Memory Garden

The Memory Garden

Holden Gallery Manchester School of Art

A installation based around the idea of the memorial garden, but instead of the garden being a memorial to a person who has past, the memory garden is a memorial to memories. A garden full of Memories,

For this installations i used found old windows, sounds, scent and projected images. Using these triggers to create an environment for the audience which is contemplative yet unnerving. Dealing with issues of isolation mortality.


sound recordings at the memorial garden and in memory hall at Manchester crematorium.


extract from my MA dissertation on The Memory garden installation.

 "my final work was to deal with memory and to create an isolated environment, which made people, reflect on their own life and memories and mortality. Within my research I started thinking about the idea of mortality and photography in particularly the death of photography and the death of the image. Through my research I had started to see the space around a photograph as dead space. I had been reading Roland Barthes, Camera Lucida in which he talks about death. There’s a moment in the book when looking at an image of his mother as a young girl he sees this as a sign of his own mortallity. And comes to the conclusion that photography has the essence of death. This got me think about photography and the moving image. If a photograph captures a time and has the essence of death how can you bring that back to life and work with memory? Also at this time at a reading group I was introduced to Michael’s Foucoults essay of other spaces Heterotopias. Again I was drawn to the images of death, to his idea of the heterotopia of the garden and that these can be sacred places, which have juxtaposing space within them.  I was also drawn to his ideas about the heterotopia of the cemetery where he talks about the dead body being our only trace of our existence in the world. This made me think about life and our existence. Placing these two ideas together, I started to think about how I looked on life and what makes me think I exist this brings me to my memories. I know I’ve been he amount of time because of the memories I have, just like the photograph I know I’ve been somewhere as I have the evidence of it, I’ve taken a photo I’ve seen the image. Not so much held that image now but seen it on a screen. Its almost like a hard drive becomes a portal of memory, like our mind where our memory’s are stored. This line of thought got me to the idea of the memory garden. A utopia of memory’s a place that exists because memories are kept there but where is this space. I wanted to create this place and in doing so evoke peoples own thoughts on mortally. This got me to the idea for installations based around the idea of the memorial garden but instead of being in memory to people who have passed the memory garden is a memorial to elements passed memories. To create a physical space that was about death but also had a life.

With the continuation of my investigation into this piece of work I brought into focus some of the aspects I had learned from. The process of creating this installation showed to me the developments I have made. It shows the concept and themes which I explored and researched whilst planning and organising space and materials.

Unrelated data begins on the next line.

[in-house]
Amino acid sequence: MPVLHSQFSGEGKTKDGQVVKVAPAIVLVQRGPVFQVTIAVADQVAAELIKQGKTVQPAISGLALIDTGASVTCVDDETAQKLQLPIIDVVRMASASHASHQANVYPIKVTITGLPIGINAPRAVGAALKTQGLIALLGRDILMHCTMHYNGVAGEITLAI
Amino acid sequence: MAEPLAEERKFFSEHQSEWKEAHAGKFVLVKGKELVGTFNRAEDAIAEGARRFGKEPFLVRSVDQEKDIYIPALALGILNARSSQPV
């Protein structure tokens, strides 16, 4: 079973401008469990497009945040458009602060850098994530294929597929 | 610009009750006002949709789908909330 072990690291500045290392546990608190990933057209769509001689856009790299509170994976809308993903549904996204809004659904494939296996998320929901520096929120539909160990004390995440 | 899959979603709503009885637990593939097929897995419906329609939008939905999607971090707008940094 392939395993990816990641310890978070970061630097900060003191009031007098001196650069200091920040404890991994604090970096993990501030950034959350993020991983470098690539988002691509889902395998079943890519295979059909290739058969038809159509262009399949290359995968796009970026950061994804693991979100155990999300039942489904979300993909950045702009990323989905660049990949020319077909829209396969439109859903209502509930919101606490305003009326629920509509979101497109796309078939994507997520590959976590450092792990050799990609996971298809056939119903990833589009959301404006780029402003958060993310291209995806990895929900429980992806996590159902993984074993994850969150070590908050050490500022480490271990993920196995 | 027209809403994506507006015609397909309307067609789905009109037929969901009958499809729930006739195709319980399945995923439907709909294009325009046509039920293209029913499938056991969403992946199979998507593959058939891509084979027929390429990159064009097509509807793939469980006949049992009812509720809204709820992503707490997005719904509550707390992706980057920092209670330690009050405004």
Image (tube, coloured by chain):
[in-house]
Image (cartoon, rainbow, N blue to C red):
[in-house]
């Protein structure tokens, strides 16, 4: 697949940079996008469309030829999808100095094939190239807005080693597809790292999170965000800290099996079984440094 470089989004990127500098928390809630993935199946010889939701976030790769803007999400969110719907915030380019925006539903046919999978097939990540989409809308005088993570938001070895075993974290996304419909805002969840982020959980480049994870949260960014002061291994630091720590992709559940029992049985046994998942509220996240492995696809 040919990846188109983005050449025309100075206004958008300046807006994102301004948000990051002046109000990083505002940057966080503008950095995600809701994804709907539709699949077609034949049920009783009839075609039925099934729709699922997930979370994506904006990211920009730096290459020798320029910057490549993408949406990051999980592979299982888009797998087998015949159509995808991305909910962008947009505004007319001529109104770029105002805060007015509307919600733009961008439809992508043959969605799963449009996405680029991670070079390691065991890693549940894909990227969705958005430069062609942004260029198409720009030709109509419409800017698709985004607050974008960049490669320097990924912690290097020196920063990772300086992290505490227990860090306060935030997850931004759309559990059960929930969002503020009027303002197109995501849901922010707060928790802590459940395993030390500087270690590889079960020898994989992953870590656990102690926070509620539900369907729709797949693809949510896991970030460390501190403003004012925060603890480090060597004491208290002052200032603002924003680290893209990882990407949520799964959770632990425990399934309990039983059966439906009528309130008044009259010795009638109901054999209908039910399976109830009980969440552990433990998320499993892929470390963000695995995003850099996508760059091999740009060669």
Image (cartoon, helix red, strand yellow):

For this installation I used found windows as the main signifier, which made the basis of the installation. It is usual and expected to see a view from a window and that it lets light in but these windows were to be plaed in a darkened space void of all natural light and views. I wanted to use these window frames as resonators of imagery formed by the triggers that were out in place. I wanted to use these window frames as open portals to frame the imagery from people’s interpretation and imagination brought on by the triggers. 

During the period leading up to the installation I had a studio space outside of university, which meant I could try ideas out in a studio setting for the first time. This was invaluable, as I had not had this space to work in before. I tried out working with the windows and experimented with hanging and different heights and also how the projections and light worked with the glass and frames of the windows. I also went on a field trip to Southern Cemetery and visited the Memory Hall; here the sights and sounds of the place- especially the overwhelming smell of flowers struck me. I knew instinctively that I wanted to capture this smell in my installation. At the cemetery the smell was obviously given off by the flowers left to the dead and discarded of in the bins where they sweated and created a pungent smell. I thought that this would be the ideal work to use smell since being interested in the use of it during my research of other artists. I wanted to signify that flowers were there more than simply have flowers in the installation creating a smell. I also carried out sound recording at the crematorium; I placed the microphone in the flowerbeds to capture the openness of the space. I also placed the microphone in parts of the memory hall to try and capture the echoing of the structure, which suggested a vastness. I used this location to get a true account of a memory garden, which could be used in my memory garden. 

It is important for to find early on the place I will be installing the exhibition after learning from past mistakes, I knew I had to get into the space and have control of the site. I was allocated a basement room in the sculpture department. I thought this space would do well for the work as it had most of the elements I wanted. It had the cold concrete feel and it was a good size. The room was originally white so I had to paint it black as I wanted to room to be completely light tight. The control of the zone was important because every detail had to be precise. 

To give an idea about the installation I will talk about the different elements and the decision making process surrounding them. The installation actually starts outside of the entrance with a plaque on the wall and flowers on the floor. The plaque is a text piece but not a description of the garden but a prologue creating a sense of the space within. Flowers lay at the entrance, these flowers were taken from the crematorium from the bins at the southern cemetery- they had been discarded no longer of use. I wanted to use them in the space as, I said before, flowers were a strong presence at the memorial garden and wanted to use them to trigger peoples perception when entering the space for inside the space there are no flowers just the scent of flowers.